This experiment is remarkable for finding expression not only in defending Ukraine’s territorial integrity from the separatists, but also in constructive work. Maidan’s supporters have moved from opposition to nation building.

Many of those in government and Parliament are volunteers who have given up well-paying jobs to serve their country. Natalie Jaresko, a former investment banker, now works for a few hundred dollars a month as the new finance minister. Volunteers are helping Ukraine’s one million internally displaced people as well as working as advisers to ministers and in local government.

No exit

Jan 26th 2015 

At some point the fighting in Donbas became a war. Now there is no going back

IN CONFLICT, physical changes often happen quickly: a road is closed, an apartment block flattened. Mental changes, meanwhile, happen slowly and imperceptibly. It has taken a long time for the realisation to sink in that Ukraine's “crisis” is really a war, and quite possibly a long one. “Too much blood has been spilled to speak of peace,” says ‘Dushman’, a senior rebel commander in Donetsk. When this correspondent first met Dushman last spring, he spoke of how to keep Ukraine united, and called himself Ukrainian. Now Dushman keeps Ukrainians as prisoners. “We took nine yesterday,” he says with a grin.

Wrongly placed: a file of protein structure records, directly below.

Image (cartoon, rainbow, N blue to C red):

With separatist forces again on the offensive, eastern Ukraine is taking ever darker turns. Nine months of battle and 5,000 deaths have only fueled the spread of cynicism and hate. One recent rebel propaganda video shows a commander called “Givi” forcing captured Ukrainian soldiers to eat their insignia. The Kiev authorities, in turn, have done little to dispel the perception, common among many civilians inside rebel-held territory, that they want to “destroy the people of Donbas”. A new set of restrictions for crossing the de facto border seem more punitive than protective. Convoys carrying humanitarian aid, including medicine, to Donetsk and Luhansk have been blocked by Ukrainian battalions, drawing condemnation from Amnesty International.

Guns, Lies, and Videotape: The War in Eastern Ukraine Is Back On in Full

JANUARY 26, 2015 - 4:07 PM

After a bloody weekend in eastern Ukraine that left 30 civilians dead and more than 100 wounded, ambassadors from Ukraine and NATO announced that they would hold a special meeting Monday, Jan. 26, to discuss the recent upswing in fighting near the strategic cities of Mariupol and Debaltseve.